Stockett, Mark H.
    et al.
    Stockholm University, Faculty of Science, Department of Physics. Aarhus University, Denmark.
    Gatchell, Michael
    Stockholm University, Faculty of Science, Department of Physics.
    Chen, Tao
    Stockholm University, Faculty of Science, Department of Physics.
    de Ruette, Nathalie
    Stockholm University, Faculty of Science, Department of Physics.
    Giacomozzi, Linda
    Stockholm University, Faculty of Science, Department of Physics.
    Wolf, Michael
    Stockholm University, Faculty of Science, Department of Physics.
    Schmidt, Henning T.
    Stockholm University, Faculty of Science, Department of Physics.
    Zettergren, Henning
    Stockholm University, Faculty of Science, Department of Physics.
    Cederquist, Henrik
    Stockholm University, Faculty of Science, Department of Physics.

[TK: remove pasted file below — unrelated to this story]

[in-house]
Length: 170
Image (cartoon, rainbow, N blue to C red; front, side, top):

Threshold Energies for Single-Carbon Knockout from Polycyclic Aromatic Hydrocarbons2015In: Journal of Physical Chemistry Letters, ISSN 1948-7185, E-ISSN 1948-7185, Vol. 6, no 22, p. 4504-4509Article in journal (Refereed)
    Abstract [en]

    We have measured absolute cross sections for ultrafast (femtosecond) single-carbon knockout from polycyclic aromatic hydrocarbon (PAR) cations as functions of He-PAR center-of-mass collision energy in the 10-200 eV range. Classical molecular dynamics (MD) simulations cover this range and extend up to 105 eV. The shapes of the knockout cross sections are well-described by a simple analytical expression yielding experimental and MD threshold energies of E-th(Exp) = 32.5 +/- 0.4 eV and E-th(MD) = 41.0 +/- 0.3 eV, respectively. These are the first measurements of knockout threshold energies for molecules isolated in vacuo. We further deduce semiempirical (SE) and MD displacement energies, i.e., the energy transfers to the PAH molecules at the threshold energies for knockout, of T-disp(SE) = 23.3 +/- 0.3 eV and T-disp(MD) = 27.0 +/- 0.3 eV. The semiempirical results compare favorably with measured displacement energies for graphene (T-disp = 23.6 eV).